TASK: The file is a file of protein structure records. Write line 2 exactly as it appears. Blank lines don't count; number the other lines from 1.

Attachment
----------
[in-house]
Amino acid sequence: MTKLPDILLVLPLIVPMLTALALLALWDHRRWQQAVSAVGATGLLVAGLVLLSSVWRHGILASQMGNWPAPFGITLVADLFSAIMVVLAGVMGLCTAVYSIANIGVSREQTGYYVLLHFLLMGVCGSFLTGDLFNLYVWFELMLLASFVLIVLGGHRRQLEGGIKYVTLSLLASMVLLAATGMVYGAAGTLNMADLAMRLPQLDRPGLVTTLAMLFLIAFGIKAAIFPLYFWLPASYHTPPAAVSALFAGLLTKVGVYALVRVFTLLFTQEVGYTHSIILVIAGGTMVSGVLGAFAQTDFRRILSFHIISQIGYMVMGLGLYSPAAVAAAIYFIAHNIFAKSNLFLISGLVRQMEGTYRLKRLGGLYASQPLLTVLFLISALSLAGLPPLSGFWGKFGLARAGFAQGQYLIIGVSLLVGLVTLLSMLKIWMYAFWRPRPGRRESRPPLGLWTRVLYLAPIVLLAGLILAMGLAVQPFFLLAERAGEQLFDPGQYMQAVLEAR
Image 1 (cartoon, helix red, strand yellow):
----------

Amino acid sequence: MTKLPDILLVLPLIVPMLTALALLALWDHRRWQQAVSAVGATGLLVAGLVLLSSVWRHGILASQMGNWPAPFGITLVADLFSAIMVVLAGVMGLCTAVYSIANIGVSREQTGYYVLLHFLLMGVCGSFLTGDLFNLYVWFELMLLASFVLIVLGGHRRQLEGGIKYVTLSLLASMVLLAATGMVYGAAGTLNMADLAMRLPQLDRPGLVTTLAMLFLIAFGIKAAIFPLYFWLPASYHTPPAAVSALFAGLLTKVGVYALVRVFTLLFTQEVGYTHSIILVIAGGTMVSGVLGAFAQTDFRRILSFHIISQIGYMVMGLGLYSPAAVAAAIYFIAHNIFAKSNLFLISGLVRQMEGTYRLKRLGGLYASQPLLTVLFLISALSLAGLPPLSGFWGKFGLARAGFAQGQYLIIGVSLLVGLVTLLSMLKIWMYAFWRPRPGRRESRPPLGLWTRVLYLAPIVLLAGLILAMGLAVQPFFLLAERAGEQLFDPGQYMQAVLEAR